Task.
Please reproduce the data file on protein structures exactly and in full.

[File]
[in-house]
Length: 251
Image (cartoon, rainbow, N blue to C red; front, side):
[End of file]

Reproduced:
[in-house]
Length: 251
Image (cartoon, rainbow, N blue to C red; front, side):